Tensions are high among new candidates awaiting the results of the election at Beau Sejour this evening, with some feeling "quietly confident" while others are nervously hanging on for the announcement before making any predictions.
Candidates have been popping in to check up on the count throughout the day, but will have to wait until about 01:30 for the results to be announced.
Elaine Mahy, an Alliance Party Candidate, said she's feeling "a mixture of nervousness and not wanting to know".
The Alliance Party hasn't been knocking on doors during the campaign period, but instead holding its own hustings events and responding to voter questions via email.
But Mrs Mahy reckons that the party has "probably not" done enough to talk to voters: "Being part of a party, you're one step back. It's been unusual.
"It was interesting to try and there's been very mixed opinions about it, but we can only see what the results bring up."
Pictured: Elaine Mahy.
Meanwhile, independent candidate Adrian Dilcock has been "moving from complete optimism to complete pessimism".
"I did some hustings and they seemed to go well but with the number of voters it's impossible to tell," he said.
A lot is riding on this election for Mr Dilcock, who doesn't plan to stand again if he isn't successful.
"I’m standing this time and if I get in and after four years I feel like I’ve done some good and people still like me, I would stand one more time," he explained. "But I’d exit at about 71 and I’m not criticising the older ones, but I think there’s a time in your life when you should stop."
Despite having spent many years working in finance roles in the public sector, Mr Dilcock is more focused on social policies.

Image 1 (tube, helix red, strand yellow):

Pictured: Adrian Dilcock.
"I know an awful lot about the money side but my main interest is in people because I was president of the civil service's union, PROSPECT, so I want to make sure the social policies get through."
Mr Dilcock referred to a family member who used to tell him "you can't have any style of government that focuses solely on the unfortunate", to which he responded, "you can't have any style of government that completely ignores the unfortunate."
"I'm not some rabid socialist who's going to tear down the structure of government. I understand you have to pay for these things but you just can't have this."
Richard Skipper was pleased with how the campaign trail has gone - he is eager to find out whether he has managed to make the top 38.
"I am quietly confident, the feedback has been very positive. It would be an honour to serve the people."
Alliance Party candidate, Arron Hawke, has the environment as a focus if he were to get elected.
"It is my first time so I am not expecting too much," he said. "If I'm elected I would like to think we could get some more environmental projects along the way – that’s why I stood.
"I have been speaking to environmental groups and I want to keep communicating with them."
Pictured top: Jo May, Richard Skipper and Roz Harris-Johns.
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